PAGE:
What’s in a number? Why the struggle to quantify the global land grabbing crisis is part of the problem.
We work in a world obsessed with numbers – a campaign barely exists until you can sum it up in a neat, shocking statistic. But so far, numerous attempts to nail a headline figure for the amount of land being handed out to investors have failed to communicate the scale and urgency of the problem.
This lack of clarity cuts to the core of the land grab problem – secrecy. Because large land deals are routinely done behind closed doors, it’s very hard for anyone to know what is really changing hands and on what terms. This is as true for subsistence farmers trying to get their ancestral land back as it is for campaigners trying to demonstrate this is a global phenomenon which needs attention.
Take the Land Matrix website. In 2012, this ambitious interactive website was launched to track land investment deals globally, and stated ‘deals reported as approved or under negotiation worldwide between 2000 and 2010 amount to a total of 203 million hectares. An area equivalent to eight times the size of the UK’.
But soon after it launched this figure began to be challenged and since then has been repeatedly downgraded. This is partly because land acquisitions constantly change – some land deals are speculative, investors in others agree to a certain amount of land then take much more, whilst others are swiftly cancelled. However, the far more important reason for the reduction in the global figure is that we still simply don’t know who is leasing what in this murky sector.
Today, the Land Matrix reports 937 signed deals covering just 35.6 million hectares and a further 14.1 million hectares under negotiation – still approximately twice the size of the UK. Oxfam meanwhile claims 33 million hectares and GRAIN’s land grabbing database currently puts the figure at 416 deals over 35 million hectares. These figures are very likely gross underestimations because national-level statistics also reach into the millions – the figure for land acquisitions in Cambodia and Laos alone are 3.7 million hectares for example.
If deals were done in the open, much of this could be avoided. Communities would be able to see who was interested in acquiring their land and what they stood to lose. If leasehold terms or laws were broken, getting compensation and making sure those responsible were held to account would be easier. Meanwhile governments would be able to better weigh the potential social and environmental benefits of land deals versus the costs. In other words, the trade could be regulated like most others.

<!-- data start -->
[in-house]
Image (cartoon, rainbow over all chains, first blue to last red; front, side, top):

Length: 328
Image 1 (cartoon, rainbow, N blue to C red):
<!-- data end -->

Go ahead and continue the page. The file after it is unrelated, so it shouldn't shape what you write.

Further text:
We are a long way from this now, but help is at hand. In 2012, Dealing with Disclosure, a report by Global Witness, the International Land Coalition and the Oakland Institute set out for the first time what tools governments, companies and citizens can harness to ensure that land investment is open and fair.
The report’s key principle is ‘if in doubt, disclose’. That means all contractual information should be made publicly available unless investors or governments can prove that doing so would harm commercial competitiveness or public interest. This puts the onus back on companies to prove they are not doing harm, rather than communities with little information or power having to prove how a land deal is negatively affecting them. The report also details how a more open investment environment could benefit governments and investors, for example minimizing the risks associated with operating behind closed doors.
Meanwhile in 2012 the UN Committee on Food Security adopted the Voluntary Guidelines on the Responsible Governance of Tenure of Land, Fisheries and Forests in the Context of National Food Security – the first international standard defining best practice for the way in which human rights, land and natural resources inter-relate.
We don’t know exactly how much land has been stolen in the global land grabbing crisis, or the precise number of people affected. But we do know it is widespread, it is happening right now and what action we can take to stop it. We urgently need regulations which open up the land sector so everyone can see who owns what land, before it is allocated to companies. Once that happens, we may even be able to agree on a neat global statistic to use in the headlines.
Josie Cohen has been Global Witness’ land campaigner since 2012. Follow her on Twitter at @josiecoh.